Software engineers are more valuable to companies than money

CNBC posted an article last week that really resonated with me.

From their article:

A recent study from Stripe and Harris Poll found that 61 percent of C-suite executives believe access to developer talent is a threat to the success of their business. Perhaps more surprisingly — as we mark a decade after the financial crisis — this threat was even ranked above capital constraints.

I’ve been working on recruiting for FATMAP for the past few months. Whether for internal positions, or freelance, not only are qualified engineers more and more difficult to find, it is increasingly they who are alone dictating the terms of their employment.

When I first started recruiting engineers back in the early 2000s, engineers applied for a position. The employer set the terms of the employment. Now, it is increasingly the engineers who set the terms.

It’s no longer companies interviewing candidates. It’s candidates interviewing companies. Companies must convince the employee, rather than the other way around.

This is of course great for employees. But when I look at the candidates coming through, sometimes I worry that this generation of developers are being conditioned by the extremely employee-friendly environment to respond to the wrong incentives.

With so much competition for engineers, is there less incentive for engineers to focus on doing great work and developing themselves…?

There are so many companies with so much capital, which leads to so much competition for engineers, and when the demand for something goes up, so does the price. That price is being borne out not just in salary, but in an expectation of perks and other benefits.

At FATMAP, we place a lot of focus on finding the right people for the team. We look for missionaries rather than mercenaries. We want people to be in it for the mission; people who share our values but most importantly who believe in our company and want to share in our success.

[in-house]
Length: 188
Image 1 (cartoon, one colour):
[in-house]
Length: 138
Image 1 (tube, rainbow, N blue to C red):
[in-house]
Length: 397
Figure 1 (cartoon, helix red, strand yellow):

We believe that building the most talented team of missionaries is the key to success. We’re not climbing on the mercenary engineer treadmill.

I only hope that the next generation of new software engineers follow incentives to build great products that customers love and that make a difference – and don’t just chase the big money and free snacks.

A Scrum Master/Agile Coach job description

I’m often asked for help putting together a job description for a Scrum Master, so I thought I would post an extract of one we’ve used recently.

We are a product team of developers, QA experts, user experience and visual designers and product owners who are looking for someone to help us get better at what we do. We’re pretty good at the basics of agile software development but can always use new ideas about how and where to improve. We’re less concerned about what it’s called (Scrum/Kanban) and much more excited about results, whether that means moving towards continuous deployment, using ATDD, or seeing our active users grow.

You are someone who leads by example rather than by dictate and you know how to bring out the best in people. You’re not afraid to deal with conflicts. You know when it’s good to say “No” and when to push for more results.

In addition, we’re looking for someone to act as a galvanizing force for our whole wider team in terms of sharing Agile knowledge across the company. Whether it be organizing 1-day open spaces for our agile community, or organizing cross-team workshops, the goal is for you to establish an Agile center of gravity around our team.

Your main responsibilities will be:

  1. Act as Scrum master for 1-2 scrum teams with a focus on guiding the teams towards improving the way they work.
  2. Facilitate sprint planning, retrospective and sprint demos
  3. Assist the product owner with keeping the backlog groomed
  4. Ensure cross-team coordination
  5. Reach out to the larger company network for impediment removal
  6. Maintain relevant metrics that help the team see how they are doing
  7. Coach and mentor other scrum masters in our product team. Ensure that our ways of working are consistent across the teams.
  8. Liaise between the developers and User Experience/Visual Designers. Foster better communication between the disciplines.
  9. Act as a project manager when necessary. Take responsibility for managing dependencies between our team and third parties or between our team and other scrum teams.
  10. Strengthen the presence of our team as an Agile centre of excellence. Actively contribute to the company’s Agile and Lean Community. Keep the rest of the company network aware of our activities.

Qualifications:

  1. Knowledge of the software development life cycle
  2. Certified scrum master/scrum practitioner
  3. Knowledge and/or experience of Kanban
  4. Excellent communication skills in English in written and spoken form
  5. At least 3 years experience working in an agile environment, preferably in a variety of situations

Feel free to use this, re-use it and copy it. I hope it’s helpful!

What would you add to make a better Scrum Master job description? Share your tips in the comments.